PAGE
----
The internet has been flooded by every possible news source covering a story about a man, who claimed he ate sushi daily, who presented to his doctor a 5 ½ ft long tapeworm.
This is from a podcast called “This won’t hurt a bit” where a Fresno California physician told the story.
What was this parasite and what other parasitic and bacterial risks are associated with raw sushi?
Joining me to answer these questions is Bobbi Pritt, MD, Dr Pritt is a Professor of Laboratory Medicine and Pathology and Director of Clinical Parasitology Laboratory at the Mayo Clinic in Rochester Minnesota.
- Lyme disease: The Borrelia mayonii discovery
- Taenia saginata: The beef tapeworm
- Naegleria fowleri: Study on death estimates, treatment success and the northward expansion of infections
- Dicrocoelium dendriticum: The lancet liver fluke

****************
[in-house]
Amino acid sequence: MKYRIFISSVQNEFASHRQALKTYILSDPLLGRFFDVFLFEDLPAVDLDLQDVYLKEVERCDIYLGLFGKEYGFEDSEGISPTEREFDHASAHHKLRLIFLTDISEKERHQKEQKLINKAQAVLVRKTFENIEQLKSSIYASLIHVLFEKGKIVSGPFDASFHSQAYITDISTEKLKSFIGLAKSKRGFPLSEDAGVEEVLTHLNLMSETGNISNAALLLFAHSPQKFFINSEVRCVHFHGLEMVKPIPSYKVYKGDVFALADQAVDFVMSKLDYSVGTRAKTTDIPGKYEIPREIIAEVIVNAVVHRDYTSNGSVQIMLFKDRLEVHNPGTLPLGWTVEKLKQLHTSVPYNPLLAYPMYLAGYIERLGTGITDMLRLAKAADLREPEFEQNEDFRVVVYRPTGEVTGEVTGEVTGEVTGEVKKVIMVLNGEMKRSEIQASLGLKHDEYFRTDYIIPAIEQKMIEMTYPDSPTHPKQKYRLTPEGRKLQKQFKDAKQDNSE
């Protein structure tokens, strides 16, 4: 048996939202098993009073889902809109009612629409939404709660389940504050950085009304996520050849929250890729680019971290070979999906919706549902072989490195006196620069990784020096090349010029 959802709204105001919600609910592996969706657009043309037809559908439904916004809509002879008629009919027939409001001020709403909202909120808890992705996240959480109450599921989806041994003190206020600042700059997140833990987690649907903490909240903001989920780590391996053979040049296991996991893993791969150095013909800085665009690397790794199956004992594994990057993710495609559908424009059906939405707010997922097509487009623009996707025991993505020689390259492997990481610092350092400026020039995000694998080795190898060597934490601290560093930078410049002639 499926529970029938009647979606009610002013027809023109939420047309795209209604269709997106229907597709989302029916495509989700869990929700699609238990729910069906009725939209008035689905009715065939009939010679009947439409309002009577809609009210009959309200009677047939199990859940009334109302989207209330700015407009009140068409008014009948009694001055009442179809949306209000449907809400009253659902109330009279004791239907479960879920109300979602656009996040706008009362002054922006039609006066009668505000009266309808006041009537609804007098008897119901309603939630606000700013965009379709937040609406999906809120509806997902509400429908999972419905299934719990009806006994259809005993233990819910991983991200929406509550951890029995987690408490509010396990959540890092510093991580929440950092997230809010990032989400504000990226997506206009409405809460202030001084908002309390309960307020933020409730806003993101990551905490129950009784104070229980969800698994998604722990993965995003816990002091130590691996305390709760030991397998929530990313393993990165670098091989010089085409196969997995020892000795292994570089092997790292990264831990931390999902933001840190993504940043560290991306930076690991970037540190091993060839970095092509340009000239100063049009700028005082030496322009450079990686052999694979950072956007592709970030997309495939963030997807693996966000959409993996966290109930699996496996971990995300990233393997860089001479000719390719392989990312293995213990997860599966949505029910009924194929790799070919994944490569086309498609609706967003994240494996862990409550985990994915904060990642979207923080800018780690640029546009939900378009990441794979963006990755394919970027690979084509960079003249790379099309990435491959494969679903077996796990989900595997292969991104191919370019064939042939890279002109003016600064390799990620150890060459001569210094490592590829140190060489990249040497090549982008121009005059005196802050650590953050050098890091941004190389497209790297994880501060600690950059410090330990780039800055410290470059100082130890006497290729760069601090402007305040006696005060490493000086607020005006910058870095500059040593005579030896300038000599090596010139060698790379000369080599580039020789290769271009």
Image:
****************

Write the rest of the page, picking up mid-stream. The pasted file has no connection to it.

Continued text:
- Parasites 101: Ascaris lumbricoides
- Paragonimus: A look at this parasitic lung fluke
- Clonorchis sinensis: The Chinese liver fluke
- Acanthamoeba: A rare and potentially blinding parasite
- Parasites 101: Whipworm
- Dientamoeba fragilis: ‘The unflagellated human flagellate’
- Lymphatic filariasis in Nigeria: The battle against the disfiguring parasitic disease
- Parasites 101: Pinworms
- Parasites 101: Entamoeba histolytica
- Diphyllobothrium: The largest known tapeworms that can infect people
- Parasites 101: Swimmer’s itch
- Parasites 101: Cyclospora
- Taiwan: 8-ft tapeworm removed from young girl
- Parasites: 6-ft pork tapeworm removed through man’s mouth
- Vitamin B12 Deficiency and Fish Tapeworms
Intro music: “Rapture” by Ross Bugden